On Being Home, City Actually Never Sleeps, Etc.
One week in between days. My darling apartment, I inhabit you lavishly. I'm back in New York for a week before I go on The Road again for two, and here is what is happening.
Things change in a Manhattan neighborhood in 1.5 weeks time. The building, the multi-trillion dollar behemoth outside the window, continues its ascent. There is a new Whole Foods down the block and it is a sight to behold. The fanciest, prettiest, most exciting supermarket. If you like exciting supermarkets. Or you believe supermarkets have the power to excite. There's this sushi bar that involves a little conveyor belt from which you pluck color-coded plates of sushi and dim sum as they whiz past. There's an actual bridge on the second level that leads to the healthy living gift shop where there's a ton of crap no one needs like fancy yoga bags and scented candles. And those padded wine gift bags that are everywhere and baffling and look like gore-tex jackets. Do you know what I mean? Maybe I can find a photo.
You know what I mean.
I have started to consider two lives and how to stock them: my real life, and my suitcase. If I change moisturizers in my real life, then I need to change moisturizers in my suitcase. If I wear those boots from my suitcase in my real life, I have to remember to put them back in the suitcase when I'm done. I am laundering and dry cleaning every second I am home. I am calling airlines and trying to get window seats because I live in fear of ending up in an aisle.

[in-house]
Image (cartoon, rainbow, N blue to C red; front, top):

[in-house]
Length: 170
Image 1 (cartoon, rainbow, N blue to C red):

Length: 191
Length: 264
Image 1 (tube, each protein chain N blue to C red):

I have developed a burgeoning mug-buying habit. I have a fervent desire to get rid of all the crappy mugs I have and drink my tea only from high-quality mugs that are either attractive or have sentimental value. I totally uncharacteristically bought a weird mug in Texas, and since then I'm on the lookout for mugs. This is like those people who buy little silver spoons or tea towels in every city they travel to. I wonder if I'm trying to manufacture sentimentality, to take a mass-produced piece of place back from each of my stops. Mugs?! Once, while in NYC, Peter O. gave me a beautiful mug from the International Center for Photography. "Here, I got you something." The look on his face was one of regret, like he really didn't want to part with the mug. "This is such a beautiful mug!" I said. Then, seeing his face. "Do you want it?" He snatched it back and admitted he really wanted it. He collects nice mugs. It's become something of a joke between us, how he ungifted the mug to me. But since then I've been meaning to stop by ICP and get myself the mug. And now that I'm becoming a mug person too (HELP! SOON I'LL BE COLLECTING MAGNETS!), it's even more crucial.
This is the ICP mug. It's pretty good looking.